Chileans were outraged on Friday after state TV reported that the girl is 14 weeks pregnant and was raped repeatedly over two years. Police in the remote southern city of Puerto Montt arrested her mother’s partner, who confessed to abusing the fifth grader. The case was brought to their attention by the pregnant child’s maternal grandmother.
Doctors say the girl’s life and that of the fetus are at high risk. But in Chile, ending the pregnancy is not an option.
Chile allowed abortions for medical reasons until they were outlawed in 1973 by Gen. Augusto Pinochet’s dictatorship. The current government of conservative President Sebastian Pinera has opposed any loosening of the prohibition.
One has to assume that Republicans here in the U.S. are applauding this horror, since they keep trying to limit women’s autonomy with nightmare legislation in numerous states. The latest is Wisconsin, where Gov. Scott Walker just signed a draconian new anti-abortion bill. The Milwaukee Journal-Sentinel reports:
Madison — Gov. Scott Walker signed a bill Friday requiring doctors who perform abortions to have hospital admitting privileges, and abortion clinics responded by immediately suing state officials over the measure.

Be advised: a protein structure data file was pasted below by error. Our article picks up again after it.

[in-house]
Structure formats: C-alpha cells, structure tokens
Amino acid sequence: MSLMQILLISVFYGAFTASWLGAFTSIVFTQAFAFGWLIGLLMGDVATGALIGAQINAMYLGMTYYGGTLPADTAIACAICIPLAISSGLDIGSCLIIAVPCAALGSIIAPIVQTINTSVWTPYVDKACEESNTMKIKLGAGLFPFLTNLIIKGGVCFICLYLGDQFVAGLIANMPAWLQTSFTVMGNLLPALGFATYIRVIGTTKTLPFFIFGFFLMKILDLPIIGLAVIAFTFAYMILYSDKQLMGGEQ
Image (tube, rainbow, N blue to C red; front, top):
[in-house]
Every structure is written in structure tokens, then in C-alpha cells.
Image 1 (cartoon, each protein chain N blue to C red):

The law — signed Friday by Walker in a private ceremony — would cut the number of clinics offering abortions in Wisconsin from four to two, and one of the remaining clinics would have to dramatically cut the number of abortions it provides, according to the operators of the clinics.
“When women don’t have access to safe, legal abortions, there are health consequences and women die,” said Teri Huyck, president and chief executive officer of Planned Parenthood of Wisconsin….
Planned Parenthood and Affiliated Medical Services filed the lawsuit in federal court in Madison. They brought it against Attorney General J.B. Van Hollen, Dane County District Attorney Ismael Ozanne, Safety and Professional Services Secretary Dave Ross and the members of the state Medical Examining Board — all of whom have authority to enforce the law or issue sanctions.
It will be heard by U.S. District Judge William Conley. It was unclear whether he would take action before the law takes effect Monday.
The National Journal is bullish on the latest jobs report. The Really Great News From the June Jobs Report: the April and May Numbers